The speed of light in vacuum is approximated to be $3×10^8\ ms^{-1}.$ But, if we change the units, we can get a different number. For example, it won't be $3×10^8$ if we used $ft\,s^{-1}$ instead of $ms^{-1}$.

In the SI system, however, we know that the numerical value of the speed of light, Planck's constant, and the Universal Gravitational constant are different.

Is it possible that we get those constants to be numerically equal if we introduced a certain system of measurement which allows it to happen? Can such a system of unit even exist in the first place?

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    $\begingroup$ Yes, these units are called natural units, though usually one choose $\hbar = G = c = 1$, not $h$. $\endgroup$ – knzhou Jul 8 at 0:03
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    $\begingroup$ Planck units. $\endgroup$ – AccidentalFourierTransform Jul 8 at 0:03
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    $\begingroup$ It's not a measurement, it's a definition. $\endgroup$ – The Photon Jul 8 at 0:30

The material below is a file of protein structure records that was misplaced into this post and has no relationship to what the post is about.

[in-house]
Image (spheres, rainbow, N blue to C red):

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    $\begingroup$ The speed of light is exactly 299,793,458 meters per second, because we have defined the meter to make it have this value. You can define units to make it have any value you want. This is why theoretical physicists just set it to 1. $\endgroup$ – G. Smith Jul 8 at 0:31
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    $\begingroup$ The speed of light used to be a measurement, now it is exact and used to define a meter, if that caused any confusion. $\endgroup$ – user47014 Jul 8 at 1:32

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